Several local CSOs also pitched in. The All-Arakan Youth Organization Network (AAYON), Arakan Humanitarian Coordination Tam (AHCD), and Arakan CSOs Network and Arakan Responders for Emergency launched fundraising campaigns for emergency assistance. Local CSOs were also among first responders, travelling to affected areas and assisting survivors there, in the immediate aftermath of the cyclone.

On 16 May, AA leader Major-General Twan Mrat Naing appealed to civil society organisations and INGOs for shelter, drinking water, food, and medicine assistance for storm-hit communities.[30] On 17 May, the ULA announced the formation of a seven-member ‘CycloneMocha Emergency Response and Rescue Committee for Arakan’ (ERRCA), chaired by AA deputy commander Dr Nyo Twan Awng.[31] The ERRCA has opened a series of relief and rehabilitation centers in Buthidaung, Rathedaung, Pannagyun, Kyauktaw, and Mrauk-U townships, and is also working with the Rakhine diaspora and local civil society organisations.[32]

The ULA/AA also received support from its political and military alliances. On 17 May, the ULA-ERRCA announced receiving donations from the National Unity Government (NUG), the Kachin Independence Organization (KIO), and the Myanmar National Democratic Alliance Army (MNDAA). The KIO donated MMK300 million, while the NUG and the MNDAA donated MMK100 million each.[33] Likewise, the FPNCC and UWSA contributed MMK500 million each for storm victims in Rakhine[34] while PSC/NDAA, PSLF/TNLA, SSPP/SSA donated MMK200 million, MMK100 million, and MMK50 million respectively. In total, the ULA has received MMK1.85 billion in donation from its military and political allies. However, there are no reports of UN agencies and international organisations openly working with the ULA/AA in Rakhine.

The SAC has sited its aid-coordinating centre for Rakhine’s cyclone victims in Yangon. Since 14 May, the SAC has restricted access to the cyclone-affected areas.[35] On 15 May, the SAC declared all townships in Rakhine State as Disaster Affected Areas[36] but did not grant authorisation for UN agencies and INGOs to travel to cyclone-affected areas.[37] Also on 15 May, Senior General Min Aung Hlaing visited Sittwe and presented MMK7 billion as assistance for Rakhine State.[38] Two days after his visit, the SAC announced the assignment of 18 higher ranking-military officers to townships in Rakhine State to carry out relief and rehabilitation activities.[39] 

Through May and up to mid-June, however, the UN and partner agencies were still waiting for the SAC’s approval for delivering humanitarian aid to Rakhine, despite “high-level engagements” with authorities at both Naypyitaw and regional levels.[40] On 8 June, the SAC suspended transportation for aid groups operating in Rakhine State, effectively reversing the authorisation order given by local SAC authorities.[41] The SAC’s letter to aid organisations required the UN agencies and INGOs to channel relief supplies through Yangon, which the SAC would further distribute to the “concerned state” and then inform the organisations after delivery.[42] On 11 June, however, the Rakhine State Minister for Security Affairs reportedly issued a notification allowing “some selected NGOs” to resume operations in Rakhine State.[43]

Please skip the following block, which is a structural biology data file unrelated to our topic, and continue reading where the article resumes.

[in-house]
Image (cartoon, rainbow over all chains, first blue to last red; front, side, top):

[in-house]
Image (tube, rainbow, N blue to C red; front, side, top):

Table 2 summarises and compares the different responses by the SAC, the ULA/AA and members of the international community including the UN and ASEAN.

Table 2. SAC, ULA and the international community’s responses

DateSACULA/AAInternational Community (including ASEAN, UN, INGOs)
May 15SAC declared Disaster Affected Areas of all Rakhine State’s townships.  SAC denied the INGO and UN agencies access to cyclone affected areas. ULA issued a statement asking for international aid for cyclone-hit people in Rakhine State. 

ULA/AA uniformed soldiers are seen helping people, removing the destruction of trees, and cleaning the roads. 
16 MaySAC leader, Senior General Min Aung Hlaing, along with some of his ministers, visited Sittwe carrying some humanitarian assistance on his flight.Maj. Gen Twan Mrat Naing, commander in chief of Arakan Army, spoke via a short-video seeking support from civil society organisations and international NGOs to provide shelter, drinking water, food, and medicine to storm-hit communities, in cooperation with the ULA-Arakan People Government (APG).ASEAN AHA Center reported aid would be delivered once approved by SAC.[44] 

The UN refugee agency country director for Myanmar, Noriko Takagi presented her credentials to SAC foreign minister Than Swe in Naypyidaw and then met with Ko Ko Hlaing, the international cooperation minister.[45]
17 May The ULA formed a new committee called ‘Cyclone Mocha Emergency Response and Rescue Committee for Arakan’ (ERRC).  
18 MaySAC released a statement mentioning the assignment of 18 military officers to respective townships to carry out rehabilitation activities.The AA thanked the opposition National Unity Government (NUG), the Kachin Independence Organization (KIO), and the Myanmar National Democratic Alliance Army (MNDAA) for their donations. The KIO donated 300 million kyats, while the NUG and MNDAA donated MMK100 million each.The country director of the UN’s World Food Programme met with SAC foreign ministry in Naypyitaw on 18 May, to discuss cooperation in the delivery of aid to those impacted by the cyclone,[46] but the WFP is still not allowed to go into the cyclone-affected areas.